A block of posters on a hip stretch of Queen St repeatedly confronts passersby with the following text: “I Party. I Bareback. I’m Positive. I’m Responsible.”
This is just one of the messages Torontonians will soon see as a result of a massive downtown postering campaign by the activist group AIDS Action Now! (AAN).
The group, which formed in the ’80s in response to the HIV/AIDS epidemic and has recently been reinvigorated, hopes the provocative images will get people talking.
The campaign also appears online in anticipation of A Day With(out) Art, an event AAN is co-presenting with the Art Gallery of Ontario Youth Council on Nov 30, the eve of World AIDS Day.
“We wanted to do something that was innovative and that would change the discourse around HIV in the community,” says AAN’s Alex McClelland, who helped organize the action.
Each of the posters was made by a different artist in collaboration with members of the HIV/AIDS community; participants include such heavyweights as John Greyson, Kent Monkman and Allyson Mitchell. And though they all bring up different issues affecting the community, they are linked by their rejection of the stigmatization of people living with AIDS.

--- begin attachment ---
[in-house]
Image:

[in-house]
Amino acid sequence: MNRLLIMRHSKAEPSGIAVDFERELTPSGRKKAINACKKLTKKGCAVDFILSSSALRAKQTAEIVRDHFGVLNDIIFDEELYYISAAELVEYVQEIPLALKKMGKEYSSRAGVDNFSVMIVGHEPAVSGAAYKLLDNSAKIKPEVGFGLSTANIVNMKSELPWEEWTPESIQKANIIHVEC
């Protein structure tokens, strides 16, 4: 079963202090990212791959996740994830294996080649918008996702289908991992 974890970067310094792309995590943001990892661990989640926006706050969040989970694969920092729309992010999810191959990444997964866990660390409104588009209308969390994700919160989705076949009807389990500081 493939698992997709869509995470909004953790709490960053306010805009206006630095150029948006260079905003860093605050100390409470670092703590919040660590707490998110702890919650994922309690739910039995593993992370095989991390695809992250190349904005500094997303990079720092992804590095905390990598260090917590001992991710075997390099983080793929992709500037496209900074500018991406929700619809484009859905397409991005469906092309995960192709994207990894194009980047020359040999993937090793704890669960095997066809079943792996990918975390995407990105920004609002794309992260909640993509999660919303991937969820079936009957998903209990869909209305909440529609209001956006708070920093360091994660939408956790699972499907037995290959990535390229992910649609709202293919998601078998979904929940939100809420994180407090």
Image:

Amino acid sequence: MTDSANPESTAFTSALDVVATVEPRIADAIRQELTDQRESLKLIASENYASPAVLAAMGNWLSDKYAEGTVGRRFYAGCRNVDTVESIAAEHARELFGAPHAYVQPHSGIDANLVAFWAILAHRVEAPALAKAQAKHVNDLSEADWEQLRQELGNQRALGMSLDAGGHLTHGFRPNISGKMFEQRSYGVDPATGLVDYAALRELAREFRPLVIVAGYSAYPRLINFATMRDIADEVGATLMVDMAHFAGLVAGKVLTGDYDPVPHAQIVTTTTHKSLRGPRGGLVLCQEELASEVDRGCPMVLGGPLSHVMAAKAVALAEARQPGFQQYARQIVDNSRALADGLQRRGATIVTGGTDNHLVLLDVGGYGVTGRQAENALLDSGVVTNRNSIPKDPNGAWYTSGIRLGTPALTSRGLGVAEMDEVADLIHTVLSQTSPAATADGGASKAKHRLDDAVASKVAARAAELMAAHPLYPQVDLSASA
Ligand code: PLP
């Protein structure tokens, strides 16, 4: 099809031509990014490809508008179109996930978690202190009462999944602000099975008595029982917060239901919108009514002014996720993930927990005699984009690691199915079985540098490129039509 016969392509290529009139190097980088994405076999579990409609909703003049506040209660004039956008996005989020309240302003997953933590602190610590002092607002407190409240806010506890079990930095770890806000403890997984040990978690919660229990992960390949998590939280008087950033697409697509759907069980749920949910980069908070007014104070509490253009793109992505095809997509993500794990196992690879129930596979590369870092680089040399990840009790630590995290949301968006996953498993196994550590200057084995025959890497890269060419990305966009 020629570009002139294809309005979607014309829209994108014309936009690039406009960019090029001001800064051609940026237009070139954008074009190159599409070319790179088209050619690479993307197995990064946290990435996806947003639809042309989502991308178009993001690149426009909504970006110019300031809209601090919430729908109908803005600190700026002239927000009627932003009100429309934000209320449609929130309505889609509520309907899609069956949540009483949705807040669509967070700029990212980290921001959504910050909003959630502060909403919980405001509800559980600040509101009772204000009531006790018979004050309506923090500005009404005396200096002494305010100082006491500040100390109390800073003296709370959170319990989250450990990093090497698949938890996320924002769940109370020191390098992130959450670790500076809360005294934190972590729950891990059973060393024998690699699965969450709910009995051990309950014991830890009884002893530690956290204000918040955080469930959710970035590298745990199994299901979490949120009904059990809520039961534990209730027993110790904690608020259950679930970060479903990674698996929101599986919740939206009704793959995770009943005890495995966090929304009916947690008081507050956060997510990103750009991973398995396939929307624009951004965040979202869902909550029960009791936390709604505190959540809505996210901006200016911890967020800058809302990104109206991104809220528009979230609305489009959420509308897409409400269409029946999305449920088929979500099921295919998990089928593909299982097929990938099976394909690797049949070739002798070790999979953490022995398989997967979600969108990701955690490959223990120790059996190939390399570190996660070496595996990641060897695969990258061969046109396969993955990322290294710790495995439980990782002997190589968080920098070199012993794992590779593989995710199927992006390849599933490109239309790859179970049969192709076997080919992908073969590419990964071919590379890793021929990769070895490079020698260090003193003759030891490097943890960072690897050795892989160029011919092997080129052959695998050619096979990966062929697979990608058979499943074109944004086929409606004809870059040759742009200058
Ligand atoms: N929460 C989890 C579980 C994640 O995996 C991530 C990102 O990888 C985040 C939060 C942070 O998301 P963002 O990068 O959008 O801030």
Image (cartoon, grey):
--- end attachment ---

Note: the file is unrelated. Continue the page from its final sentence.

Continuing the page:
Mitchell’s piece, for instance, consists of a needlepoint that reads “Fuck Positive Women,” while a piece by Daryl Vocat depicts a park ranger writing the words “We are not criminals.”
A trend toward ostracizing people with HIV gives these messages added urgency. In the last decade, Canada has seen a remarkable increase of cases in which individuals’ failure to disclose a positive HIV status has resulted in criminal charges, ranging from sexual assault to murder. Most recently, Crown prosecutors succeeded in having attempted murder charges reinstated against an Ottawa man who failed to disclose.
With no clear prosecutorial guidelines around which activities have possible legal ramifications, poz people, their lovers and their potential lovers are faced with a society where their sexuality is not only demonized, but also criminalized.
“The current legal climate and subsequent cultural climate that is constructed through the criminalization of HIV nondisclosure actively impedes my ability to manage my health as a person living with HIV,” states Mikiki, a coordinator with the Toronto People Living with AIDS Foundation and the artist who created the “I Bareback” poster in collaboration with Scott Donald.